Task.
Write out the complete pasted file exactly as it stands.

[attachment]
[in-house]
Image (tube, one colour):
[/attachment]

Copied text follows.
[in-house]
Image (tube, one colour):